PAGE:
Since most consumers (and even many RIDE mechanics) didn’t understand what they couldn’t see, “hardlight” in common usage came to refer only to the visible hardlight type—in which case the claim that Nextus RIDEs do not use hardlight (or did not prior to the hardlight explosion of the last couple of years; see below) becomes more understandable.
Although hardlight was known to protect against qubitite contamination as early as the 140s, when it entered common use to allow construction of permanent qubitite mining platforms in the heart of the desert, it did not enter common use to protect vehicles or IDEs against qubitite until the mid-160s. Its use in RIDEs was originally intended as a way to “cheat” and make the suits sealed environments without having to take up space in the small mecha with the more sturdy, less power-intensive permanent seals of traditional vehicles. The fact that this also provided protection against qubitite contamination was largely forgotten until the mid-160s improvement in hardlight efficiency led to its expanded use.
The "mere" cosmetic aspects of hardlight should not be downplayed either. RIs put into all-metal-skin bodies have a much higher instance of psychological problems than those upgraded to realistic appearances. Hardlight also allows high-precision simulation of flesh and fur, even transmitting sensation to the RI in the process. Even though the RIs know that they're "created beings", the physical sensations are critical to their long-term mental health--researchers attribute this to the neural map.
Indeed, now that hardlight is so cheap it's hard to find a single Nextus DE chassis without it.
The recent advances in hardlight power consumption have brought the potential for free-standing (or nearly free-standing) hardlight objects nearly within reach. Several technology firms are experimenting with “light bees”—tiny lifter-borne devices that project hardlight objects around themselves. Completely-hardlight vehicles powered by a projector core the size of a football may be only a couple of decades away.
Quantum computing created this industry in the sense that it allowed for the semi-autonomous tiny robots often depicted in science fiction. Worries about a "gray goo" scenario turned out to be just another inaccurate prediction. Up until the turn of the century (ours, 100 AL) nanobots could only survive in tightly controlled environments (like medical reconstruction tanks). Any exposure to air would cause them to disintegrate. Even after this limitation was overcome spray-on medical nanos could only work very slowly. They were good for stopping the bleeding, stabilizing severely injured patients, but there was just no way anyone could stand up and go home. No "medigun" fantasies here.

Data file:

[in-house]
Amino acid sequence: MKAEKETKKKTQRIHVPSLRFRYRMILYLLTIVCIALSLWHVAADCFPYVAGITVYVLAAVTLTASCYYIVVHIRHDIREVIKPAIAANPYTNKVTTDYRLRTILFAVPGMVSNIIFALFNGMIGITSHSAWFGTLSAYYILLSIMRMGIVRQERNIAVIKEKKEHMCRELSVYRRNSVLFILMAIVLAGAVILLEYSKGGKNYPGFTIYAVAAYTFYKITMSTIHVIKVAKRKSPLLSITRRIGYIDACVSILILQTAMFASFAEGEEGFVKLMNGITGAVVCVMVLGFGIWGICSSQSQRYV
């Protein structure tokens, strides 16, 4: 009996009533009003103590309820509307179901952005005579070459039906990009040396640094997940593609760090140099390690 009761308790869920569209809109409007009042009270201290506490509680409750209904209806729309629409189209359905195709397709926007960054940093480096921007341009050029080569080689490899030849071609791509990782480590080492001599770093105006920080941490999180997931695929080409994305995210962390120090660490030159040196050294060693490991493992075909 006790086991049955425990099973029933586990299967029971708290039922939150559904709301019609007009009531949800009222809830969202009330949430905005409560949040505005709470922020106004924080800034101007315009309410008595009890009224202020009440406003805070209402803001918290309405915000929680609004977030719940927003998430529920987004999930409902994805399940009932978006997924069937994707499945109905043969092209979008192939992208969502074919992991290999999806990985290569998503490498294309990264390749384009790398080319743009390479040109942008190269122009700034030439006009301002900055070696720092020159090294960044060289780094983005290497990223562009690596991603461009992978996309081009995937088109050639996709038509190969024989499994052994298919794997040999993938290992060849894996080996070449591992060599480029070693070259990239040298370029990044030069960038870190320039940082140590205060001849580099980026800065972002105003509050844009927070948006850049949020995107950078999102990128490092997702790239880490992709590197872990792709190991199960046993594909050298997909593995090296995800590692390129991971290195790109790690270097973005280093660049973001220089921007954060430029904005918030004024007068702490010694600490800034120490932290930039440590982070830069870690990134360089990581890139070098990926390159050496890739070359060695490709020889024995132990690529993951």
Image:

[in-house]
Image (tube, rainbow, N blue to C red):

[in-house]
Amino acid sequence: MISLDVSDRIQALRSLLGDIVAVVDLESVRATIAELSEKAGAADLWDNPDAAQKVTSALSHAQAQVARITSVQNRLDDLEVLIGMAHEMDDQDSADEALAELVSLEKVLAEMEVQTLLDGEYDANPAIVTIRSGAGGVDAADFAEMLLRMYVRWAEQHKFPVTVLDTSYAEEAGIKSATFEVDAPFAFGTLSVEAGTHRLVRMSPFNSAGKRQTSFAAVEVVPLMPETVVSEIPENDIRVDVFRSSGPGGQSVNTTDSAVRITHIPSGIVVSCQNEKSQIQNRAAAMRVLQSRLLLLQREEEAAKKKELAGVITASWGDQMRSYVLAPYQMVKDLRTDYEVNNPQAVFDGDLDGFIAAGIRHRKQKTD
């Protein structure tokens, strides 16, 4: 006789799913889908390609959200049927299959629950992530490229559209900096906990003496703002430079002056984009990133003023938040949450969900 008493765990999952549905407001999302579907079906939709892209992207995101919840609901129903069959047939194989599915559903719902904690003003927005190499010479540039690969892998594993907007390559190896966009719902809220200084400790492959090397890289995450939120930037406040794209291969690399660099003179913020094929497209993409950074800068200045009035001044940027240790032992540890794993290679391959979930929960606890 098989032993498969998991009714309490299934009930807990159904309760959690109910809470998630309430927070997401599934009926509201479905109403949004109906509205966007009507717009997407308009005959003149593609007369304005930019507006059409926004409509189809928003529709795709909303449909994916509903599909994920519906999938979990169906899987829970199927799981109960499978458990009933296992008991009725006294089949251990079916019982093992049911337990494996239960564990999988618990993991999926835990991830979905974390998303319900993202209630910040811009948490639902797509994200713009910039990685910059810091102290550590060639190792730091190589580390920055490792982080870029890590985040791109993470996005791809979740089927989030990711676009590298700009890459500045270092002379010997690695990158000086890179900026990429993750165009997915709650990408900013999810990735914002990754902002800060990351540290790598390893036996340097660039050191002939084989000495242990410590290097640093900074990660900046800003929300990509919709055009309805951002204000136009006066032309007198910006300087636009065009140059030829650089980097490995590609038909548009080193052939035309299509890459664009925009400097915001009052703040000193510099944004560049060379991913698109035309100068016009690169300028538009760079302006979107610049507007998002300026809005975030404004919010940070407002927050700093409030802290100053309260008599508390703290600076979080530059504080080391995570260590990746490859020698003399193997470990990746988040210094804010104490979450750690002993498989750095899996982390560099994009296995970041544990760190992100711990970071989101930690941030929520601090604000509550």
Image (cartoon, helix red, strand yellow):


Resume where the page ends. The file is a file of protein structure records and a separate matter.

Similarly they were unable to compete with traditional micro-manufacturing. Consumer goods have long been created on the micro level by print-assembling sheets of various materials (usually carbon fiber-based products and graphene-based quantum computers). By the early 22nd century it wasn't unusual to print a car in a home fabbery, one part at a time, and put it together in the garage. After 100AL this process had gotten to the point where even fully assembled products could be "nano-motile", self-repairing damage, or even changing configuration from one set form to another by the advent of AIDES in 115 AL (see entry below).
As with so many things, the nature of nanotechnology on Zharus was changed by the discovery of sarium batteries in 112. Not only did sarium make possible extremely dense energy storage in vehicles, but it also allowed extremely dense energy storage in nanites, meaning they would have more “kick” and be able to do more quickly without heat dissipation issues.
For example, many citizens of Zharus would be shocked to know that the gender-change nanite treatment as it exists in most of the rest of the galaxy requires hours or days to do its work. The Fuser nanites that incorporate an improved version of those gender-treatment nanites are able to do their work in seconds or minutes because their sarium power cores let them store and release on the order of ten times the power ten times as fast as those without.
There are currently two general types of nanite in common use on Zharus. One is the “temporary” doser, whose nanites have a lifespan measured in hours, days, or at most one month. These nanites may have a limited reproductive ability with built-in destruct timers, or they may have no such ability at all and expire when the last one ceases operating. These are generally used for nonprescription purposes, such as antihistamines, tissue repair and rebuilding, or the popular “No Periods, Period” monthly anti-menstrual and birth control treatment.
The other is the self-sustaining nanite treatment, which is used for longer-term purposes. Fuser nanites are one such example, as a RIDE must sustain a constant level of these nanites at all times. Another is the anti-drug and anti-interrogation treatments applied to higher levels of government, military, and corporate command structures. These nanites reside in or around the subject’s body, drawing power from his or her metabolism to charge up their sarium cores.